MADRICK: –is telling us that teachers make too much money and it’s an easy job. In a world where that’s happening, I guess just about anything can happen. The lack of regulation created that monster crisis. For people to not take re-regulation seriously is an outrage, and that’s by and large what’s happening. But part of it is the backlash of Wall Street lobbying. There are 50 rules to govern the derivatives market, which we’ve been speaking about in earlier sessions. There were 20,000 comments. Now, how can the staff go through 20,000 comments? Where did the money come to write those 20,000 comments? We know where it came from. But it’s not only that. The Republicans, for the most part, in the House–but probably some Democrats are joining them–are unraveling the power of the CFTC, the SEC, by cutting back on their budgets. The staff of the Commodities Futures Trading Corporation, which should be regulating a large part of the derivatives market, has been cut, hasn’t been increased. There is a kind of craziness.

JAY: They’re pushing towards more deregulation.

MADRICK: So I hope people begin to understand how wacky things have become. And I can’t think of a more precise word. It is a wacky atmosphere where people are jostling for political position or to win the support of their big financial supporters, and it’s doing great damage to the country.

JAY: Is part of the underlying problem that because you can make more return on your capital in this more parasitical, speculative area, and the more capital that goes there and the more concentration of wealth that goes there–I can’t remember the exact numbers; they’re in your book as well. The amount of profit in the GDP now from the finance sector is what? It’s, like, 30 percent of profit is coming from finance.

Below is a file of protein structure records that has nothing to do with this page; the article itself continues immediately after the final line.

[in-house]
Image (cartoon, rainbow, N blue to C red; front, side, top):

MADRICK: According to certain measures it got up to 40 percent of all profit was in finance.

JAY: So the political power that therefore results, the ability to finance TV advertising, the ability to threaten–and you could even see there was a point there, at one point in ’09, where there was actually maybe some serious talk in the Obama administration of more real regulation. And the business press was filled with stories how Wall Street may switch horses to the Republicans and all of this.

MADRICK: Yeah. Well, I think they threatened them. But, you know, people ask me all the time: how did we get those regulations in the 1930s? You know, why are we caving in now? And I don’t exonerate Obama on this. One reason we got more regulations then was the Depression was more severe, people were hurting more. Another was the Pecora Commission. Pecora was just a flamboyant man in one of the great, fortuitous–that was a fortuitous event. But the third and biggest reason was we had Roosevelt. And Roosevelt made mistakes. He started clamping down on the economy in 1936, ’37, for example, and we went into another recession. But he was extraordinarily courageous and said it like it was, and he took those people on. President Obama–this is no measure of dislike for the man–he did not do that. He did not do that with financial regulation.

JAY: He didn’t do it on health care, either.

MADRICK: He didn’t really fight for the health care bill in the end. He let it go. He’s not a fighter, and we need a fighter. And I don’t even know exactly what he believes. I think he believed–he talked about how they got financial re-regulation done. You sit there and say, the Dodd-Frank bill, even though it had a few good things in it, basically kicked the can down the road for writing regulations. Meantime, Wall Street descended–just descended–. People–the head of the FCIC told me the other day, the Federal Crisis Inquiry Commission, you cannot imagine how they were bombarded by Wall Street lobbyists and analysts and specialists.

JAY: And no politician’s willing to really take on the power that kind of money has in influencing the outcome of elections.

MADRICK: Well, I guess not, unless you’re maybe Franklin Delano Roosevelt. But that’s my point: leadership could make a difference, leadership that really was willing to go to the mat.